>
Immortality and the Body in the Age of Milton

Immortality and the Body in the Age of Milton

  • £32.59
  • Save £46



Cambridge University Press, 3/1/2018
EAN 9781108422338, ISBN10: 1108422330

Hardcover, 254 pages, 23.6 x 15.7 x 2.1 cm
Language: English
Originally published in English

Seventeenth-century England teemed with speculation on body and its relation to soul. Descartes' dualist certainty was countered by materialisms, whether mechanist or vitalist. The most important and distinctive literary reflection of this ferment is John Milton's vitalist or animist materialism, which underwrites the cosmic worlds of Paradise Lost. In a time of philosophical upheaval and innovation, Milton and an unusual collection of fascinating and diverse contemporary writers, including John Donne, Margaret Cavendish, John Bunyan, and Hester Pulter, addressed the potency of the body, now viewed not as a drag on the immaterial soul or a site of embarrassment but as an occasion for heroic striving and a vehicle of transcendence. This collection addresses embodiment in relation to the immortal longings of early modern writers, variously abetted by the new science, print culture, and the Copernican upheaval of the heavens.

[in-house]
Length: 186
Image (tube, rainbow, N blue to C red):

Part I. 1. The enfolded sublime of incarnate immortality Gardner Campbell
2. Milton's 'Lycidas', or Edward King's two bodies James Nohrnberg
Part II. 3. Narcissus in the boudoir
Aretino's Petrarchan postures Gordon Braden
4. Carnality into creativity
sublimation in John Bunyan's 'Apology' to The Pilgrim's Progress Vera Camden
5. Milton's beautiful body Gregory Chaplin
6. The fortunate, unfortunate fall and two varieties of immortality in Paradise Lost Stephen M. Fallon
Part III. 7. The miracle in Francis Bacon's natural philosophy Gregory Foran
8. Flesh made word
pneumatology and Miltonic textuality John Rumrich
9. Milton beyond iconoclasm David A. Harper
Part IV. 10. Hester Pulter's brave new worlds Louisa Hall
11. Death-weddings or living books
Cavendish rewriting Donne Dustin Stewart
12. Paradise Lost and the creation of Mormon theology John Rogers.